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Gaskill v. Life Insurance Co.

United States District Court, E.D. Missouri, Eastern Division

March 23, 2018

RODNEY GASKILL, Plaintiff,
v.
LIFE INSURANCE COMPANY OF NORTH AMERICA, d/b/a CIGNA INSURANCE GROUP and SOUTHEAST MISSOURI HOSPITAL, Defendants,

          OPINION, MEMORANDUM AND ORDER

          HENRY EDWARD AUTREY UNITED STATES DISTRICT JUDGE.

         This matter is before the court on Defendant Life Insurance Company of North America, d/b/a Cigna Insurance Group's Motion to Dismiss, [Doc. No. 14]. Plaintiff opposes the motion. For the reasons set forth below, the Motion is granted.

         Facts and Background

         On May 17, 2017, Plaintiff filed this action against defendants Life Insurance Company of North America d/b/a Cigna Insurance Group and Southeast Missouri Hospital under the Employee Retirement Income Security Act of 1974 (ERISA), 29 U.S.C. §§ 1001-1461, to recover benefits owed under an employee welfare benefit plan and damages from defendants' breach of their fiduciary duties and failure to provide certain documents upon request.

         In his Complaint, Plaintiff alleges that he was a full-time employee of Southeast Hospital for sixteen years and had worked seven years for Arch Air.

         During his employment, Plaintiff became permanently and totally disabled while working as a nurse at Southeast Hospital. He was not able to perform the material and substantial duties of his job during the first twenty-four (24) months of his disability, and thereafter has not been able to perform the material and substantial duties of any gainful job for which he is reasonably fitted by his education, training, or experience.

         Plaintiff alleges he submitted his claim for benefits on March 14, 2013, in which he alleged he was totally and permanently disabled such that he could not perform any job in the open labor market that he was qualified to perform based on his education, training, and work experience and could not earn over 80% of his indexed earnings. Plaintiff alleged that his disability resulted from a combination of physical and mental deficits. Plaintiff supported his claim with documentation from his treating physicians and a vocational expert and psychologist.

         Plaintiff's claim was denied based on the functional capacity evaluation by physical therapist and a transferable skills analysis based on the therapist's report. Plaintiff alleges that the report misrepresents the true nature of the testing because Plaintiff could not finish the testing due to his physical condition. Further, Plaintiff contends that the therapist had an intern administer the testing and he did not physically observe all of the testing.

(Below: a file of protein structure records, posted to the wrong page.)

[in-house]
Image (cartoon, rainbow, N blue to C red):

Despite his written requests, defendants failed to provide him with all the documents he requested.

         Plaintiff seeks to recover benefits owed under the Plan, damages, interest, attorneys' fees, and penalties for defendants' failure to produce the Plan documents.

         Defendant Life Insurance Company of North America moves to dismiss Plaintiff's complaint under Federal Rule of Civil Procedure 12(b)(6). Defendant argues that Plaintiff's claim under 29 U.S.C. § 1132(c) fails against it because it is not the plan administrator. Plaintiff also responds that Life Insurance Company of North America can be held liable for § 1132(c) penalties for failing to provide him with the Plan documents because it performed plan administrator functions.[1]

         Motion to Dismiss Standard

         A motion to dismiss under Rule 12(b)(6) challenges the legal sufficiency of the complaint. See Carton v. General Motor Acceptance Corp., 611 F.3d 451, 454 (8th Cir. 2010); Young v. City of St. Charles, 244 F.3d 623, 627 (8th Cir. 2001). To survive a motion to dismiss, the complaint must include “enough facts to state a claim to relief that is plausible on its face.” Bell Atlantic Corp. v. Twombly, 550 U.S. 544, 570 (2007). To meet the plausibility standard, the complaint must contain “more than labels and conclusions.” Id. at 555. Rather, the complaint must contain “factual content that allows the court to draw the reasonable inference that the defendant is liable for the misconduct alleged.” Ashcroft v. Iqbal, 129 S.Ct. 1937, 1949 (2009).

         A complaint must be liberally construed in the light most favorable to the plaintiff. Eckert v. Titan Tire Corp., 514 F.3d 801, 806 (8th Cir. 2006). The Court must accept the facts alleged as true, even if doubtful. Twombly, 550 U.S. at 555. Thus, a well-pleaded complaint may proceed even if ...


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